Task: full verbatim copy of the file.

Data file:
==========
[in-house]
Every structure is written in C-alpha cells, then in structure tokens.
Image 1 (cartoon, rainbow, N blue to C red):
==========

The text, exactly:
[in-house]
Every structure is written in C-alpha cells, then in structure tokens.
Image 1 (cartoon, rainbow, N blue to C red):